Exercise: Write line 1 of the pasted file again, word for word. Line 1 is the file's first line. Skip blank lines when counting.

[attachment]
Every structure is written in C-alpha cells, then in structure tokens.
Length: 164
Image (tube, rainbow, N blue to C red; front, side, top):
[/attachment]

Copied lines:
Every structure is written in C-alpha cells, then in structure tokens.